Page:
TV Cream

Films: S is for...

Signpost to Murder

The presence of this old nutter-on-the-loose suspenser causes much mulling over the hot toddy of star Edward Mulhare’s singular career as the ‘if wet’ Rex Harrison. From Broadway My Fair Lady stand-in to the telly version of Rex’s old film The Ghost and Mrs Muir (see Creamguides passim) he’s forever tarred as the Netto edition of the talk-don’t-sing maestro. Which is a shame, we feel, as we’re sure it wouldn’t work in the other direction. Would so-called ‘Sexy Rexy’ have essayed the part of Devin Miles with anywhere near as much aplomb as Wor Eddie? Could he have invested the man’s turn as head of an international cosmetics conglomerate in Doris Day fave Carpice with any more gravitas? Would he have made Edward’s classic ‘blustering buffoon’ role in Hal Needham’s sainted video rental sci-fi chestnut Megaforce any better? We doubt, we doubt.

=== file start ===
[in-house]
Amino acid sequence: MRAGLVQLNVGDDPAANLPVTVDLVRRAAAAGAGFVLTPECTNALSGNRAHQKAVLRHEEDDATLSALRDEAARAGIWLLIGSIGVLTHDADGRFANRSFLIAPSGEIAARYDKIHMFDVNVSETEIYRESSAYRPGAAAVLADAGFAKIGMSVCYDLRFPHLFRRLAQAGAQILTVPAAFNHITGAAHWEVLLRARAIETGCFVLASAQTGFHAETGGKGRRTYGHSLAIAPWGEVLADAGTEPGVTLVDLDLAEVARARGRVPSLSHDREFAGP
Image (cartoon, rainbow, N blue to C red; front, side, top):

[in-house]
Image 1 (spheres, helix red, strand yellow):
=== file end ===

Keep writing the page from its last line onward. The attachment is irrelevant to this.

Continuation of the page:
1 Comment

1 Comment

  1. George White

    August 8, 2020 at 12:50 am

    Peculiar film.
    Clearly an attempt to do a Jimmy Sangster Hammer suspenser, double-billed with Hammer’s Hysteria.
    But made by MGM US, shot on the lot, set in Milhampton, based on a British play. The sole modern Briticism is a trad jazz band. Filled with US-based Brits like Alan Napier and
    Woodward and Whitman’s accents are half-hearted at best.

    See also Arnold (1973), A Reflection of Fear (1972) and Terror in the Wax Museum (1973) for more faux-Hammer.

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